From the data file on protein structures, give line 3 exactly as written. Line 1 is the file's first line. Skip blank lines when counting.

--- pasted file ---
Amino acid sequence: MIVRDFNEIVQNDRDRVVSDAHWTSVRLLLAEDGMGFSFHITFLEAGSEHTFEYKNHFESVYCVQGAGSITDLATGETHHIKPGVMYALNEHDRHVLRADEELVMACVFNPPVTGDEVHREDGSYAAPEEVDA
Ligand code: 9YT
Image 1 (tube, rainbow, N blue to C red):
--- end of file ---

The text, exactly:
Image 1 (tube, rainbow, N blue to C red):